Swallows have suffered the steepest decline in population among all types of birds on the continent, with the Barn Swallow population down by 75% in the last 40 years, according to Wildlife Preservation Canada. The greatest decline, the organization says, has happened in the Maritimes.

Although the data is clear, the exact reasons behind the population decline are not. Scientists speculate that threats migrating birds like swallows face to their habitat, wintering grounds and food sources from urbanization, toxic chemicals and environmental changes may be factors. [Read more…]

How to Help Baby Birds

Robin - Merle d'Amérique Every spring, Le Nichoir sees a spike in the arrival of young altricial birds to the Barn. Yet these baby birds don’t usually need help.

“Most of the fledgling birds, including American crows, that we receive at this time of year are taken from their parents by people with good intentions,” says Susan Wylie, Le Nichoir’s executive director.

People out for a stroll often believe these birds are injured or abandoned. Out of the 775 nestling and fledgling birds that were brought to Le Nichoir in 2012, about 588 were either unintentionally or intentionally taken from their parents, with the remaining birds admitted due to injury. Le Nichoir has been working to bring down that number.

“By providing good information to callers, every year we’ve been able to drastically reduce the number of healthy baby birds being brought in,” says Susan. [Read more…]

Goélands ou mouettes ? (French only)

GoélandNous les voyons partout : dans les parcs, les stationnements ou sur les plages. Les adultes ont un corps blanc et un manteau (le dos et le dessus des ailes) gris ou noir, alors que les jeunes sont tout tachetés de brun. Ils ont de longues ailes et des pattes palmées. Beaucoup les appellent ‘’mouettes’’, d’autres ‘’goélands’’, mais qui a raison ?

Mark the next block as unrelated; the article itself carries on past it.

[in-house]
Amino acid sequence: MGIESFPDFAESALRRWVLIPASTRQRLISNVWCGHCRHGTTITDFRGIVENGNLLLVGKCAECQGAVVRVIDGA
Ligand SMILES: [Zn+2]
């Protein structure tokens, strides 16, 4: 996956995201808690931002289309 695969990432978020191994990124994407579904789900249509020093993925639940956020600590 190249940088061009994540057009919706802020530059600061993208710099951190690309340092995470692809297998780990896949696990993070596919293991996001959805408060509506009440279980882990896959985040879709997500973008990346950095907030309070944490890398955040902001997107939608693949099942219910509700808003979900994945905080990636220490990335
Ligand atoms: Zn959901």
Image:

Malgré l’emploi courant du terme ‘’mouettes’’ pour désigner ces acrobates du ciel, ceux que l’on voit près des concentrations humaines sont généralement des goélands. Et le plus souvent, il s’agit de goélands à bec cerclé. De la taille d’une corneille, les adultes sont reconnaissables à leur manteau gris pâle et à la bande noire entourant le bout de leur bec. La deuxième espèce que l’on voit communément est le goéland argenté. [Read more…]

A Murder of Crows, A Parliament of Owls…

Speed BumpRecently, en route to Le Nichoir from my home in St-Lazare, I was happy to see a flock of Wild Turkeys in a field close to the road. Having not seen any for about a year, I stopped to watch them. This was delightful, as the male was in full courtship display! As I admired them, I wondered, “What does one call a group of turkeys?”

Many people may be familiar with collective terms such as a “murder” of crows, a “parliament” of owls and a “gaggle” of geese. But was there one for a group of turkeys? I decided to do some research and soon discovered that there were numerous collective nouns (terms which denote a specific group of persons, things or animals) for all sorts of birds. [Read more…]